Hey everyone, today I’m super excited to tell you about a recent episode of Azure Friday that I was lucky enough to be a guest on.
Azure Friday is a weekly video series hosted by the legendary Scott Hanselman, where he interviews experts and developers on various Azure-related topics. In this episode, we talked about Automated Deployments for AKS, a new feature that makes it super easy to deploy your apps to Azure Kubernetes Service.
If you’re not familiar with AKS, it’s a managed Kubernetes service that lets you run containerized applications on Azure without having to worry about the complexity of managing the cluster. It’s a great way to scale your apps and take advantage of the benefits of Kubernetes, such as high availability, load balancing, and service discovery.
But what if you’re not familiar with containers or Kubernetes? What if you just have some code in a GitHub repo and you want to run it on AKS? That’s where Automated Deployments for AKS come in. It’s a feature that simplifies the Kubernetes development process by taking care of the tedious work of containerization for you. It uses a tool called Draft, which automatically detects the language and framework of your app, creates a Dockerfile and a Helm chart for you, builds and pushes the image to Azure Container Registry, and deploys the app to AKS. All with just a few clicks in the Azure Portal.
Sounds amazing, right? Well, that’s what I wanted to show Scott in this episode. I had an app hosted in a GitHub repo that I wanted to run on AKS. The app was a simple web app that displayed some data from a database. I had already created a few resources in Azure, such as a resource group, an Azure Container Registry, and an AKS cluster. All I needed to do was use Automated Deployments for AKS to get this app from code to running on a cluster.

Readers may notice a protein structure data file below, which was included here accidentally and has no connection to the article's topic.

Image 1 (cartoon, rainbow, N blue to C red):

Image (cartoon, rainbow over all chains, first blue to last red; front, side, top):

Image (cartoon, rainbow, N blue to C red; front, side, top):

So how did it go? Well, you’ll have to watch the episode to find out. But spoiler alert: it was super easy and fast. In just a few commands, I went from code to an app running on AKS. Scott was impressed and so was I. We had a great time chatting about how Automated Deployments for AKS works under the hood, some of the benefits and limitations of using it, and how it can help developers get started with containers and Kubernetes.
That’s all for today. I hope you enjoy this episode of Azure Friday as much as I did. It was an honor and a pleasure to be a guest on Scott’s show and talk about one of my favorite topics: Azure Kubernetes Service. If you have any questions or feedback, feel free to leave a comment or reach out to me on Twitter at @Buchatech. Thanks for reading and happy coding!
Some of the major topics that are covered in this course include:
A journey into the REST API Tech Stack.
A walk-through on building the REST API, including the REST API code so you can practice.
Guidance and demos on how to test your REST API using Postman and Curl.
Here is the link to my Pluralsight profile to follow me:
This course will give an overview of Ember’s components and architecture and a guide to the next steps you can take to get started with Ember. In this course, Ember 4: The Big Picture, you’ll learn about the Ember front-end framework. First, you’ll explore Ember’s core parts: Ember.js, Ember Data, Ember CLI, and Ember Inspector.
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